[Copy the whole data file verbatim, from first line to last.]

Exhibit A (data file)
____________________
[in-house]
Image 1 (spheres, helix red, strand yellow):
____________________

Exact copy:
[in-house]
Image 1 (spheres, helix red, strand yellow):